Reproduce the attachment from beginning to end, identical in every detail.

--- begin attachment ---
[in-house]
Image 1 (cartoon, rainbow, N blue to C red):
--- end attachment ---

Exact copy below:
[in-house]
Image 1 (cartoon, rainbow, N blue to C red):